Migrating across from Microsoft Flow to Azure Logic Apps is ridiculously easy. However, there are some critical feature differences that you must make yourself aware of. One difference relates to how triggers actions work, particularly in tandem with an Azure template.
Resolving AADSTS50126: Invalid username or password Errors During Azure SQL Database Deployment Task (Azure DevOps Pipelines)
We saw a few weeks ago how to utilise Azure Active Directory (AAD) Security Groups to manage Azure SQL database access at scale. When using this feature, you must ensure database changes are deployed out using an AAD administrator account or similar, a task which may be difficult to achieve in an Azure DevOps Pipeline.
Validating your Azure templates manually can be a challenging task to complete at scale. Fortunately, with the functionality available within Azure Pipelines, this entire process can be fully automated. This post will show you just how easy it is to implement automatic validation an deployment of your Azure templates within a CI process.
Working with variables within your Azure DevOps Pipeline can give you a high degree of latitude when planning your software deployments. When utilised as release variables, additional functionality is exposed, allowing you to alter the conditional flow within your pipeline dramatically. In this week's post, we'll find out how to use them in practice.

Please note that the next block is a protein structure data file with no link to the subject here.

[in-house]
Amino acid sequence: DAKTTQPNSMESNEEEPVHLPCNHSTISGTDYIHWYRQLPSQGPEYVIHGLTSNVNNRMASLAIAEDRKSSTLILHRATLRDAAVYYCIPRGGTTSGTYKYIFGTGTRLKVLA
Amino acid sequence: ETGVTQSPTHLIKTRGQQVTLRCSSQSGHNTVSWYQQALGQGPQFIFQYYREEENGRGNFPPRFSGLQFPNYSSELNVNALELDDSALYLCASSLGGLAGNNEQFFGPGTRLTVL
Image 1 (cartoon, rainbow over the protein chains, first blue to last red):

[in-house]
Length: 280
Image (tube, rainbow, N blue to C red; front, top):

It's essential to understand the precise behaviour your Azure templates will have when deployed, to avoid any unexpected issues or even data loss that could occur. This week's post will explore an example of why this is so important, involving Azure App Service application settings.
Getting your Azure Board backlog working correctly may require some tinkering, particularly if you decide to take advantage of certain features after you have begun using the application. In this post, I'll show you how to get the Team Board/Backlog configured to show work items from all sub-areas within your project.
Web application releases are a scary affair and, depending on the criticality of your system, you may need to put yourself in a position where changes, such as a SQL Server database upgrades, can be rolled back immediately. Fortunately, when using Azure DevOps, it's easier to do then you may think...
You ever had that feeling where you know something has worked successfully in the past, yet for some unexplainable reason, it suddenly decides not to? I had a recent example of this happening with a PowerShell script task in Azure DevOps which, in the end, had a pretty straightforward solution...
Towards the back end of last year, I discovered the joys and simplicity of Visual Studio Team Services (VSTS)/Azure DevOps. Regardless of what type of development workload that you face, the service provides a whole range of features that can speed up development, automate important build/release tasks and also assist with any testing workloads that you [...]
The introduction of Azure Data Factory V2 represents the most opportune moment for data integration specialists to start investing their time in the product. Version 1 (V1) of the tool, which I started taking a look at last year, missed a lot of critical functionality that - in most typical circumstances - I could do [...]